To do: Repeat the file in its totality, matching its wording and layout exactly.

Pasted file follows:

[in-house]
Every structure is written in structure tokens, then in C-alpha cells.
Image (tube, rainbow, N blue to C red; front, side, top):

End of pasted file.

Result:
[in-house]
Every structure is written in structure tokens, then in C-alpha cells.
Image (tube, rainbow, N blue to C red; front, side, top):